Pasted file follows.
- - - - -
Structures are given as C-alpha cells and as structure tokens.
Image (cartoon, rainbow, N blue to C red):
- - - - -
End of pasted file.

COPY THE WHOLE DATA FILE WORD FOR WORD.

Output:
Structures are given as C-alpha cells and as structure tokens.
Image (cartoon, rainbow, N blue to C red):